The most-traded iron ore contract, for September delivery, on China’s Dalian Commodity Exchange ended daytime trade 5.9% lower at 821.50 yuan ($122.64) a tonne, after earlier tumbling to 815.50 yuan, the lowest since May 26.

Mining stocks also slid, with Vale down almost 8% from the previous week, Rio Tinto down 7% and Fortescue down 12%.

“In recent weeks, an increasing number of mills in (China’s) steelmaking hub of Tangshan are opting to undertake maintenance and cut output amid weak margins,” said ANZ senior commodity strategist Daniel Hynes.

Some regions have also begun to actively curb production, analysts at Sinosteel Futures said.

The rainy season in many parts of China that usually disrupts construction activity and restrictions put in place to contain covid-19 outbreaks have hit demand in the world’s top steel producer, squeezing mills’ margins.

Reflecting such sluggish demand, China’s steel inventory has risen this week by 316,700 tonnes to about 22.2 million tonnes, according to Sinosteel analysts.

(With files from Reuters)

Congo miner threatens to seize cobalt project from Chinese partner

China Moly commits $2.5bn to double Tenke Fungurume copper, cobalt output

Tenke Fungurume (Image courtesy of Freeport-McMoRan. 

A shareholder dispute over one of the world’s biggest copper and cobalt mines is heating up in the Democratic Republic of Congo, after state miner Gecamines threatened to block exports or even take the mine away from its partner, China Molybdenum Co.

Congo’s Gecamines, which owns 20% of the Tenke Fungurume mine’s holding company, has accused CMOC of manipulating the project’s finances and says it owes as much as $5 billion in payments. 
The disagreement has extended to who is actually running the mine: a Congolese court appointed a temporary administrator to manage the holding company while the shareholders sort out their differences, but CMOC insisted nothing has changed. The administrator, Sage Ngoie Mbayo, says he now controls the company’s bank accounts but was blocked from entering the mine site last week by Congolese soldiers.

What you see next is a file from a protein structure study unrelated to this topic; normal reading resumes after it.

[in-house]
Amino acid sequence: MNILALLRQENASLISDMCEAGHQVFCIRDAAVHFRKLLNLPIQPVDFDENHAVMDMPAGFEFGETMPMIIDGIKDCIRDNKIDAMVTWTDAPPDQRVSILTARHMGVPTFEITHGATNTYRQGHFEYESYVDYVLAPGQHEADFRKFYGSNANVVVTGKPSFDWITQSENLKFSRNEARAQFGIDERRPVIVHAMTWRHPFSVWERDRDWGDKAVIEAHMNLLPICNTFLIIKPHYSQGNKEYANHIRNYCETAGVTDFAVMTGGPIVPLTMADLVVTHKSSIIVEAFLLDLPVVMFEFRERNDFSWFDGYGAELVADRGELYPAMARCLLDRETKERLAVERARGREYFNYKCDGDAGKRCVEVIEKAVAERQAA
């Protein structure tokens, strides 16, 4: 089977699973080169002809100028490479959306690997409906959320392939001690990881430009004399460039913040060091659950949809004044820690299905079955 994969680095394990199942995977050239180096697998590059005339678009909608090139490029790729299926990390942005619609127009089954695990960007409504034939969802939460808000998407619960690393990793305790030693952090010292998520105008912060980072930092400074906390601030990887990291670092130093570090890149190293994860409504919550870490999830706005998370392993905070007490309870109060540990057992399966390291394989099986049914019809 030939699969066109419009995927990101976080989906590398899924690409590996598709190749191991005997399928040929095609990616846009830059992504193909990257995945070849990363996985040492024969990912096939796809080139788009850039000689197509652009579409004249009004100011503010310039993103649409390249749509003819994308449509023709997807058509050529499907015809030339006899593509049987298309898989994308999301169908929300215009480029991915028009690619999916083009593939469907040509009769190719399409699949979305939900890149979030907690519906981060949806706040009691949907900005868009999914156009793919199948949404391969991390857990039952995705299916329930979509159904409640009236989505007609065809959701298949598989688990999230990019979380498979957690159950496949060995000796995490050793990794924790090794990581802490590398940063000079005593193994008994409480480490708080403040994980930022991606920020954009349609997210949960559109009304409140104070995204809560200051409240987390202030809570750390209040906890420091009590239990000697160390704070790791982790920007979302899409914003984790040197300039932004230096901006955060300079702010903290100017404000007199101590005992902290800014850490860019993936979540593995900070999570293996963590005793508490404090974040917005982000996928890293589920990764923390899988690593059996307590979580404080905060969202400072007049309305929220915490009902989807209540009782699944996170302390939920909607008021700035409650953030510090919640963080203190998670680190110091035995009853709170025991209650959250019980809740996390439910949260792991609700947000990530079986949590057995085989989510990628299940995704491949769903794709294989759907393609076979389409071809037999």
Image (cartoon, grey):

Things were set to come to a head Thursday at the first meeting between the shareholders and Ngoie at Tenke Fungurume Mining SA’s offices in the Congolese mining hub of Lubumbashi. But while Gecamines’ top two executives were there, CMOC representatives didn’t attend.

Gecamines Chief Executive Officer Bester-Hilaire Ntambwe Ngoy Kabongo and his deputy, Leon Mwine Kabiena, said they are prepared to take more drastic action, including effectively revoking CMOC’s ownership of the project by dissolving the partnership. 

Armed guards

“If it continues like this, we are going to ask for the dissolution,” the CEO said. The two executives became increasingly agitated during the meeting, which lasted two hours in a boardroom surrounded by otherwise-empty company offices, while armed guards stood outside.

“What CMOC is doing now is stealing, it’s cheating, it’s covering-up,” Mwine said, adding that they were “liars,” “pillagers,” “bandits,” and “criminals.”

CMOC did not immediately answer questions on the meeting or Gecamines’ statements. The company previously said the mine is operating as usual without any change in management, and production is beating targets. In its 2021 annual report, CMOC said communication with Gecamines was “complex and dynamic” and they planned to engage an independent third party to verify disagreements over reserve estimates “and resolve the differences through fair and impartial negotiation.”